Parenting is tough no matter which way you look at it. Most of our parents did everything in their power to assure that we had good childhoods and they did the best they could.

Buuuuuuut, everyone makes mistakes.

Even when they mean well, parents mess up, just like their parents did…and when we look back when we’re older, we have some clarity and can evaluate where we think our parents could have done some things differently.

Here’s what women on AskReddit had to say.

1. Get them involved.

“It’s great you’re extending the offer to spend time together, but when you invite your kid to the garage to help with something, actually have them help with something.

For context, my dad would be working on his boat engine or something, and he’d say come help me with this, and then I’d sit on a bucket for 20 minutes watching him in silence, and finally wander off out of boredom.

Looking back, it’s great he wanted to spend time with me and I appreciate that, but being present and being involved are two different things.”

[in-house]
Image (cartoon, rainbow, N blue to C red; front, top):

2. That’s not a good thing.

“Treating every boy interested in your daughter as your enemy does both of you a disservice.

My dad was very over-protective. Any time a boy had a crush on me, he would be immediately added to my dad’s shitlist. Even if he was perfectly kind and respectful.

After a certain point, I just stopped listening to my dad’s complaints. In my eyes, he had lost the right to give input about my relationships.

Unfortunately, when I was 17 I became entangled in an abusive relationship.

My dad hated the guy. But since he also hated every one of my previous suitors, I didn’t interpret his concerns as legitimate.

On top of that: since he was so busy trying to prevent me from having relationships, he never talked to me about what a healthy relationship looks like.”

3. You never know…

“Unwanted sexual attention from grown men doesn’t always come from strangers. It comes from “family friends” too.

Pay attention to your friends’ behaviors and comments around your kids.

My dad cut off a longtime friend after catching him leering at me in a bathing suit at a pool party when I was only 12.”

4. Teach them all of it.

“Include the daughter in stereotypically-male housework. I can cook and load a dishwasher like my life depends on it, but I can’t do any sort of maintenance like putting up a picture frame or unclogging a sink.”